Heart disease is the nation's No. 1 killer of both men and women. However, it can present warning signs that are so different in women than in men that heart disease in women may be misdiagnosed or missed entirely. In fact, the death rate from ischemic heart disease in women is higher than in men.
One study, adjusted for age, size and other factors, put the death risk for woman at 1.7 times greater than that for men. Even when heart disease is recognized in women, they have a higher rate of death after a heart attack and a higher rate of adverse events following treatment than men. This has lead some physicians to now view coronary artery disease as a gender-specific condition that requires different testing and treatment plans, rather than the traditional uniform approach.
Unfortunately, the process of raising awareness about this problem has been slow. Significant research into gender differences in coronary artery disease has been underway only in the past 10 years. The good news is that because of this research, heart disease in women is starting to be addressed more effectively and in a timely manner. But I want to stress, "starting to be addressed more effectively," because there's still a long way to go. Most of the risk stratification tools that physicians use for estimating risk of heart disease and recommendations for therapy were developed in studies on men. Indeed, many of the clinical trials that have examined the effects of various heart drugs did not have an adequate representation of women to even see if there are gender differences in the response to the medications.
For men, heart disease is generally experienced as chest pain on exertion due to a severe narrowing of the large arteries of the heart by atherosclerotic plaques, or as an acute onset of severe chest pain if the artery is acutely blocked. While 80 percent of women with coronary artery disease do have plaque buildup in their major arteries, this buildup often isn't visible on many standard tests because it's spread diffusely in the vessel walls. Women who exhibit symptoms, such as extreme fatigue, shortness of breath and/or chest pains, may be suffering from coronary microvascular dysfunction, which is a narrowing of the small arteries and blood vessels of the heart. Rather than a blockage, it represents a failure of the arteries to open and close properly, preventing the heart from getting enough blood. Since this kind of coronary artery disease is a departure from the norm, many of the standard tests for recognizing it are ineffective.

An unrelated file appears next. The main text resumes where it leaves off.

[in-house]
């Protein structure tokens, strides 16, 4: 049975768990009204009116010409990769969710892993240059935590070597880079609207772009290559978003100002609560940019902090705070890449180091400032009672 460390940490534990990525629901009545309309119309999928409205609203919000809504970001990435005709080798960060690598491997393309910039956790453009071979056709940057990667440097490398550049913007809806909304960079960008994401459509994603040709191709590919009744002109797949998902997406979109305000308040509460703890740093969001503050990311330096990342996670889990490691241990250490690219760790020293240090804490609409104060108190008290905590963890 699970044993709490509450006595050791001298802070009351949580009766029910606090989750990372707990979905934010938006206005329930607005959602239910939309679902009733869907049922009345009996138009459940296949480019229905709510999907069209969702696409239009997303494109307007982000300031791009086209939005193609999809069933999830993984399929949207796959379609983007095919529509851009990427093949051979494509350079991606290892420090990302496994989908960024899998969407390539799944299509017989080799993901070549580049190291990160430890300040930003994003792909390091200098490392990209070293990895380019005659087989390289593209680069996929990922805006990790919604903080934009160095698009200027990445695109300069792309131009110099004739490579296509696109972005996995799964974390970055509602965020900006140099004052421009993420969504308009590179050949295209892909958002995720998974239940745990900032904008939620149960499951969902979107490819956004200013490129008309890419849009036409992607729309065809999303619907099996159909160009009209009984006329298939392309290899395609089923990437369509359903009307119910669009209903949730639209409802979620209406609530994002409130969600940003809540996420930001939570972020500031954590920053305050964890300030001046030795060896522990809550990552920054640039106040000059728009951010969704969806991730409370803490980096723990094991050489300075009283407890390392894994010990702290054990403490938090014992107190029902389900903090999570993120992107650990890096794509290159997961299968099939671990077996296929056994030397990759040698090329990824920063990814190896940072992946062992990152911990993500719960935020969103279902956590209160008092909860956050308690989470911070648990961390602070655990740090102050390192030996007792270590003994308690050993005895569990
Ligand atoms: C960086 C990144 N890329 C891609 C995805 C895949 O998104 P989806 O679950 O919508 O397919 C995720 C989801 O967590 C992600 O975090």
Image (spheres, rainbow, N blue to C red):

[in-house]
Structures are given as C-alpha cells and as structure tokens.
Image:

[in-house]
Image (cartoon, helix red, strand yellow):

Better Thinking for More Effective Tests
Treadmill stress tests and CT scans can show a normal result for a woman who, in fact, has heart disease because they don't focus on the small arteries and blood vessels. The same can be true in the case of standard angiography, an imaging technique long considered the gold standard for detecting heart disease. While a regular angiogram does enable the study of veins and arteries -- via a catheter that is threaded into the heart through a vein followed by an injection of contrast dye in order to determine whether blood vessels are blocked, damaged or malformed -- the small arteries of the heart are not seen. Consequently, up to two thirds of women exhibiting chest pain appear to be healthy on an angiogram when they turn out to have heart disease. A stress test combined with an echocardiogram that uses sound waves or with nuclear imaging to look at how the muscular walls of the heart respond to exercise is superior to the standard stress test.